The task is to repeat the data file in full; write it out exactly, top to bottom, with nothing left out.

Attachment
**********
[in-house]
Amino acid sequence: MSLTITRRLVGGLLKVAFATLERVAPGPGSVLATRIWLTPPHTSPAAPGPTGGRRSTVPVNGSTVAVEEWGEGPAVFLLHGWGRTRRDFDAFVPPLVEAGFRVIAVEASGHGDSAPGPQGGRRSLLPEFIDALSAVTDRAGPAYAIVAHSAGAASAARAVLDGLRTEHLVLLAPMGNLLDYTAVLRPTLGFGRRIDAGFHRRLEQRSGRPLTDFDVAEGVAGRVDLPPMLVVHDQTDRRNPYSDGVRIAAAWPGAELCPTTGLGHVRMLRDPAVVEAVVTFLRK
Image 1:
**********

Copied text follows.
[in-house]
Amino acid sequence: MSLTITRRLVGGLLKVAFATLERVAPGPGSVLATRIWLTPPHTSPAAPGPTGGRRSTVPVNGSTVAVEEWGEGPAVFLLHGWGRTRRDFDAFVPPLVEAGFRVIAVEASGHGDSAPGPQGGRRSLLPEFIDALSAVTDRAGPAYAIVAHSAGAASAARAVLDGLRTEHLVLLAPMGNLLDYTAVLRPTLGFGRRIDAGFHRRLEQRSGRPLTDFDVAEGVAGRVDLPPMLVVHDQTDRRNPYSDGVRIAAAWPGAELCPTTGLGHVRMLRDPAVVEAVVTFLRK
Image 1: